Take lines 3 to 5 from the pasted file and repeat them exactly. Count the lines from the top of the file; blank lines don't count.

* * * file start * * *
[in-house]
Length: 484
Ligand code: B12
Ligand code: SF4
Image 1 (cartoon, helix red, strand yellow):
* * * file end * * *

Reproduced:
Ligand code: B12
Ligand code: SF4
Image 1 (cartoon, helix red, strand yellow):